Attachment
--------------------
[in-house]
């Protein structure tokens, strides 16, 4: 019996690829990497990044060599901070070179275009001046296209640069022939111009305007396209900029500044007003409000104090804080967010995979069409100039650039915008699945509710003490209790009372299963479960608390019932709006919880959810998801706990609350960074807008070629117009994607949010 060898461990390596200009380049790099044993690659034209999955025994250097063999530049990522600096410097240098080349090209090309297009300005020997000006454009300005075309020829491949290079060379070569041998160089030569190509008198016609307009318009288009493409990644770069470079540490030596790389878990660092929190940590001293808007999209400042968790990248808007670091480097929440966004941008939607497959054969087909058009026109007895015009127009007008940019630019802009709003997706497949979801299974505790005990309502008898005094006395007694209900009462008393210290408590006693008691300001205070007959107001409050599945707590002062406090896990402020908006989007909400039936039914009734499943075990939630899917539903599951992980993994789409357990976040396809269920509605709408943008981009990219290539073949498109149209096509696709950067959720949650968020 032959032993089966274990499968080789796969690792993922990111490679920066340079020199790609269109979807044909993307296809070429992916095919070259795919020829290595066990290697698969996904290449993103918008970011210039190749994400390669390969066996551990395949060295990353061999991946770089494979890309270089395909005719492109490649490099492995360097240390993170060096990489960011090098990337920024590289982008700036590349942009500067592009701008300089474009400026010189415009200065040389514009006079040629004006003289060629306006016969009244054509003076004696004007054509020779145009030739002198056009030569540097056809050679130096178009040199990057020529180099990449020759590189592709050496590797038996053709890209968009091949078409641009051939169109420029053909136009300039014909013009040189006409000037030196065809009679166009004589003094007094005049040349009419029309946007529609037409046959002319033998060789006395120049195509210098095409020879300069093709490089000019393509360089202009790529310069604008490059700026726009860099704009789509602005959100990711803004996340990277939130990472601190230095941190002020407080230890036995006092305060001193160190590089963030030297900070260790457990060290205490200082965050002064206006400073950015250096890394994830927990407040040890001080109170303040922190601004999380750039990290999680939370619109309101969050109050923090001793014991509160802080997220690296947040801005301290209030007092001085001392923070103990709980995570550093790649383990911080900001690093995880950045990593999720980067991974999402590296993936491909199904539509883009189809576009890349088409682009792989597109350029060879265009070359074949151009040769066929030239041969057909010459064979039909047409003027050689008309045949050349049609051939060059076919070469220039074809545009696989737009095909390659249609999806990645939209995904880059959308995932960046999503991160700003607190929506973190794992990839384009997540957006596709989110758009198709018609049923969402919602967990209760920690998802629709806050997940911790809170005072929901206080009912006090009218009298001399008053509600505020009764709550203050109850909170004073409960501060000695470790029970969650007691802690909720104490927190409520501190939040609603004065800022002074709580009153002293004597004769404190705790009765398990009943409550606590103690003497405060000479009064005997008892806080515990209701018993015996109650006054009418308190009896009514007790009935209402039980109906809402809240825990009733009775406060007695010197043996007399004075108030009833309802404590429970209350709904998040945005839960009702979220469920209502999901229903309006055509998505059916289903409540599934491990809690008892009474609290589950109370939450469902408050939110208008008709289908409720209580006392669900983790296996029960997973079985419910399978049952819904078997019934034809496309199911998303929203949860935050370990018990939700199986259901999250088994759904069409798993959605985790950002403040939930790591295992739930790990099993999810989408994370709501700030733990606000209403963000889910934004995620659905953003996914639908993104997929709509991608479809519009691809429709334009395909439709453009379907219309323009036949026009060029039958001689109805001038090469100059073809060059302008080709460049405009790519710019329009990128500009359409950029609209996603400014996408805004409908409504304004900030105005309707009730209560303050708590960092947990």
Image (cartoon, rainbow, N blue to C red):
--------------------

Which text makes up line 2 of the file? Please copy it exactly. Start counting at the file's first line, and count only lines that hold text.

């Protein structure tokens, strides 16, 4: 019996690829990497990044060599901070070179275009001046296209640069022939111009305007396209900029500044007003409000104090804080967010995979069409100039650039915008699945509710003490209790009372299963479960608390019932709006919880959810998801706990609350960074807008070629117009994607949010 060898461990390596200009380049790099044993690659034209999955025994250097063999530049990522600096410097240098080349090209090309297009300005020997000006454009300005075309020829491949290079060379070569041998160089030569190509008198016609307009318009288009493409990644770069470079540490030596790389878990660092929190940590001293808007999209400042968790990248808007670091480097929440966004941008939607497959054969087909058009026109007895015009127009007008940019630019802009709003997706497949979801299974505790005990309502008898005094006395007694209900009462008393210290408590006693008691300001205070007959107001409050599945707590002062406090896990402020908006989007909400039936039914009734499943075990939630899917539903599951992980993994789409357990976040396809269920509605709408943008981009990219290539073949498109149209096509696709950067959720949650968020 032959032993089966274990499968080789796969690792993922990111490679920066340079020199790609269109979807044909993307296809070429992916095919070259795919020829290595066990290697698969996904290449993103918008970011210039190749994400390669390969066996551990395949060295990353061999991946770089494979890309270089395909005719492109490649490099492995360097240390993170060096990489960011090098990337920024590289982008700036590349942009500067592009701008300089474009400026010189415009200065040389514009006079040629004006003289060629306006016969009244054509003076004696004007054509020779145009030739002198056009030569540097056809050679130096178009040199990057020529180099990449020759590189592709050496590797038996053709890209968009091949078409641009051939169109420029053909136009300039014909013009040189006409000037030196065809009679166009004589003094007094005049040349009419029309946007529609037409046959002319033998060789006395120049195509210098095409020879300069093709490089000019393509360089202009790529310069604008490059700026726009860099704009789509602005959100990711803004996340990277939130990472601190230095941190002020407080230890036995006092305060001193160190590089963030030297900070260790457990060290205490200082965050002064206006400073950015250096890394994830927990407040040890001080109170303040922190601004999380750039990290999680939370619109309101969050109050923090001793014991509160802080997220690296947040801005301290209030007092001085001392923070103990709980995570550093790649383990911080900001690093995880950045990593999720980067991974999402590296993936491909199904539509883009189809576009890349088409682009792989597109350029060879265009070359074949151009040769066929030239041969057909010459064979039909047409003027050689008309045949050349049609051939060059076919070469220039074809545009696989737009095909390659249609999806990645939209995904880059959308995932960046999503991160700003607190929506973190794992990839384009997540957006596709989110758009198709018609049923969402919602967990209760920690998802629709806050997940911790809170005072929901206080009912006090009218009298001399008053509600505020009764709550203050109850909170004073409960501060000695470790029970969650007691802690909720104490927190409520501190939040609603004065800022002074709580009153002293004597004769404190705790009765398990009943409550606590103690003497405060000479009064005997008892806080515990209701018993015996109650006054009418308190009896009514007790009935209402039980109906809402809240825990009733009775406060007695010197043996007399004075108030009833309802404590429970209350709904998040945005839960009702979220469920209502999901229903309006055509998505059916289903409540599934491990809690008892009474609290589950109370939450469902408050939110208008008709289908409720209580006392669900983790296996029960997973079985419910399978049952819904078997019934034809496309199911998303929203949860935050370990018990939700199986259901999250088994759904069409798993959605985790950002403040939930790591295992739930790990099993999810989408994370709501700030733990606000209403963000889910934004995620659905953003996914639908993104997929709509991608479809519009691809429709334009395909439709453009379907219309323009036949026009060029039958001689109805001038090469100059073809060059302008080709460049405009790519710019329009990128500009359409950029609209996603400014996408805004409908409504304004900030105005309707009730209560303050708590960092947990």